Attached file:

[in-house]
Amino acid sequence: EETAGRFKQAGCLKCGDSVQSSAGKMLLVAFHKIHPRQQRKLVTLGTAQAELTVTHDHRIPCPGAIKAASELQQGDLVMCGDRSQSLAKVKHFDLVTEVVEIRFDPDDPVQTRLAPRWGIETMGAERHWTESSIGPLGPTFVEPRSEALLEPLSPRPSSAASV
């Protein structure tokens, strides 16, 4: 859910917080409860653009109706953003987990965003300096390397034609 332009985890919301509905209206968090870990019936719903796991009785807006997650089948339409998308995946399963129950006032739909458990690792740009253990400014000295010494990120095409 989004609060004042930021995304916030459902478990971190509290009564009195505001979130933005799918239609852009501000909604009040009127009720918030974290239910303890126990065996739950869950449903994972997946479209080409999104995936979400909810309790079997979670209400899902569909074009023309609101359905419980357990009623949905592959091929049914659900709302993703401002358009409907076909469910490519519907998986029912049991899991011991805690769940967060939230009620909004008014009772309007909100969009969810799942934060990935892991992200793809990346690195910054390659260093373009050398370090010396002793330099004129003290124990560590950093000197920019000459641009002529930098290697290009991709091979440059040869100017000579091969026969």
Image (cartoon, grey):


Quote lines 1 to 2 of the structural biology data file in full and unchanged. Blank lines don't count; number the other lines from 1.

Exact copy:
[in-house]
Amino acid sequence: EETAGRFKQAGCLKCGDSVQSSAGKMLLVAFHKIHPRQQRKLVTLGTAQAELTVTHDHRIPCPGAIKAASELQQGDLVMCGDRSQSLAKVKHFDLVTEVVEIRFDPDDPVQTRLAPRWGIETMGAERHWTESSIGPLGPTFVEPRSEALLEPLSPRPSSAASV